What is Ni-Hard Steel?
Ni-Hard is a white cast iron, alloyed with nickel and chromium suitable for low impact, sliding abrasion for both wet and dry applications. Ni-Hard is an extremely wear-resistant material, cast in forms and shapes which are ideal for use in abrasive and wear environments and applications. The use of this type of material generally began with Rod Mills and Ball Mills, where impacts were considered low enough for this brittle yet highly abrasive resistant wear material to perform well. However, it is now considered obsolete in light of the use of high chrome irons and chrome-moly white iron. Ni-Hard castings are produced with a wear-resistant minimum of 550 Brinell hardness, hard white cast iron containing 4% Ni and 2% chrome, used for abrasive resistant and wear-resistant applications in the following industries:
- Earth Handling
- Cement mills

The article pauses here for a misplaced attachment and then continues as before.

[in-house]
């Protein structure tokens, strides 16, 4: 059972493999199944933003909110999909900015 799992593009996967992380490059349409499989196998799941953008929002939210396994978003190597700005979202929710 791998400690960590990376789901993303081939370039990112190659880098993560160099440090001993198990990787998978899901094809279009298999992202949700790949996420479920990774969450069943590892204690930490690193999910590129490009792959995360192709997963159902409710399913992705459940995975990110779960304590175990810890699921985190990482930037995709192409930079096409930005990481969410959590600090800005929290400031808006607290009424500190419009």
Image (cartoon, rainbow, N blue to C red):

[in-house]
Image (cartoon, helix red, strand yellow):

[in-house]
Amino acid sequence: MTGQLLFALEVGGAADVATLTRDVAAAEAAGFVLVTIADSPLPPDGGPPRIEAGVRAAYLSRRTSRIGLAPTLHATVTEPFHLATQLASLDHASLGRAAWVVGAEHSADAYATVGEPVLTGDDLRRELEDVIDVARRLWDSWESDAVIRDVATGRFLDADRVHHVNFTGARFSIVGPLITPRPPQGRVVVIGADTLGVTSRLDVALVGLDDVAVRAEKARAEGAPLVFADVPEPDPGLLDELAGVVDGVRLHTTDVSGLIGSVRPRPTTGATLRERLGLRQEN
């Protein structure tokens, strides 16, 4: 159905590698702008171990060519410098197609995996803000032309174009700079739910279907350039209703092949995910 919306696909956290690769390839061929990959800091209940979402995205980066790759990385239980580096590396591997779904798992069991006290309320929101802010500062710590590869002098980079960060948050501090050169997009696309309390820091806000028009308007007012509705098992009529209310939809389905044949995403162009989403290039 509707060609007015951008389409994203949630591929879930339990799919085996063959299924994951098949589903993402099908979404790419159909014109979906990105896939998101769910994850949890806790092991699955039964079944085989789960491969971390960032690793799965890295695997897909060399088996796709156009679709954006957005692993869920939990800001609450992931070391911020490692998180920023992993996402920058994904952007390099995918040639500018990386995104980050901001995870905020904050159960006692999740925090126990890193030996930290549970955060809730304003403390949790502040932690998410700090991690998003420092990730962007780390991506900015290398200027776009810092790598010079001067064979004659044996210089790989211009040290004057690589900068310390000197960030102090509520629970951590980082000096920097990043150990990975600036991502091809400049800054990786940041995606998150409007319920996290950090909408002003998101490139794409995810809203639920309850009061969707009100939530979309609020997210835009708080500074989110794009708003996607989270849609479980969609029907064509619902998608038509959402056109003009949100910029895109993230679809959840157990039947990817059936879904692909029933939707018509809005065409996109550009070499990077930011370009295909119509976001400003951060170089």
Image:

Ni-hard steel standard is ASTM A532 Type 1, Type 2, and Type 4.
For mill liners, our foundry uses ASTM A532 Type 4 to cast.
Ni-Hard Mill Liners Material Chemical Composition
The role of different chemical elements in Ni-hard mill liners:
Carbon: most of them exist in carbide in the form of the compound, and the content of carbon dissolved in the matrix is relatively low. In order to make the alloy have a certain toughness, the carbon content is selected in the range of Hypoeutectic. The higher the carbon content is, the more carbides there are, the lower the hardenability is, and the toughness is very low after quenching; if the carbon content is too low and the carbide content is too small, the alloy can not be hardened, and the alloy composition deviates from the eutectic component, which is easy to appear shrinkage cavity and porosity. The carbon content in the alloy not only determines the number of carbides and eutectic carbides, but also the carbon dissolved in the matrix also has a very important impact on the subsequent heat treatment of the alloy. With the increase of carbon content in the matrix, the martensite transformation point in the alloy decreases, resulting in an increase of the residual austenite volume, and the matrix may not be hardened enough.